Common sense says that putting stents into blocked arteries in the brain should help prevent strokes, just like propping open heart arteries cuts heart attacks.
But Medicare asked for a scientific study before it started paying for widespread use of the brain stents. So doctors tested stents versus medical therapy in high-risk patients. After one month, a dramatic answer: in one group, 6 in 100 patients got a stroke, but in the other group, 15 in 100 had strokes.
Problem is that the stent group was the one that had more than double the strokes of the medical treatment group.
The result was so big that doctors pulled the plug on the study, as they could no longer ethically put patients into the stent group.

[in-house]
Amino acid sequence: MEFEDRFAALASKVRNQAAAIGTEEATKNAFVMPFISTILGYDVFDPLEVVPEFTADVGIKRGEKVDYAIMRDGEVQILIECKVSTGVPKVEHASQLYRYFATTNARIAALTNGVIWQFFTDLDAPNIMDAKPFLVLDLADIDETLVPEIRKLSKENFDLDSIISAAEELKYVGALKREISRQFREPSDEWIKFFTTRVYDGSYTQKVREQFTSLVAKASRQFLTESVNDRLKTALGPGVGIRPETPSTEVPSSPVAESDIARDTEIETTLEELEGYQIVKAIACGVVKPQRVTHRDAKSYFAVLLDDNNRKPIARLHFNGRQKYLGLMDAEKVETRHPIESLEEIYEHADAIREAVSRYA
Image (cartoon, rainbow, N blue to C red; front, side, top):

This is yet another example of how therapies that seem like they should work, based on our knowledge of the body and medicine, turn out not to work. We have a lot left to learn.
In the case of brain arteries, bypass surgery to put in a new artery to go around blockages, also similar to what’s done in the heart, also has failed to prove out in scientific studies.
You can read the new stent study in the New England Journal of Medicine.